Hyundai chickened out and took down a clever ad that promotes the zero carbon emissions of its ix35 in a very convincing way: The ad shows a man who tries to commit suicide using a hose attached to the exhaust. The man fails and lives. Instead, the ad was killed.
After people who did not get the morbid humor of the ad created a social media shitstorm, Hyundai pulled the ad and apologized. Hyundai’s crossover ix35 is sold as the Tucson in the United States.
According to Reuters, the ad “was made by the European unit of Innocean Worldwide Corp, an in-house advertising firm that is 40 percent owned by Chung Sung-yi, a daughter of Hyundai Motor Group chairman Chung Mong-koo.”
Nevertheless, Hyundai issued a statement, saying that “The ad was created by an affiliate advertising agency, Innocean Europe, without Hyundai’s request or approval. It runs counter to our values as a company and as members of the community. We are very sorry for any offense or distress the video caused. More to the point, Hyundai apologizes to those who have been personally impacted by tragedy.”
As TTAC reader David Hester correctly comments, the idea of the ad isn’t even that original. In 2009, Toyota’s admen had the same idea, did a (slightly better executed) botched suicice-by-Prius ad, and the ad still lives.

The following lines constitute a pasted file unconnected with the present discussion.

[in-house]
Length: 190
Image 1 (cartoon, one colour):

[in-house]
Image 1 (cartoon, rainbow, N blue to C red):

What’s more, Hyundai went on the hunt for the ad and erased it. It’s Youtube link says that “this video is no longer available due to a trademark claim by a third party.” It’s funny that these trademark issues only come up in embarrassing situations like these. Otherwise, companies are usually happy that videos are shown for free on YouTube.
Risqué ads are more likely to go viral than boring ones. Making them becomes risky, and often suicidal business. If they don’t get the clicks, the ad agency gets the boot. If the ads get clicks, but also complaints – which are par for the course – the agency gets in trouble and the client says the ad was never approved. Yeah, sure.
Show some spine, Hyundai.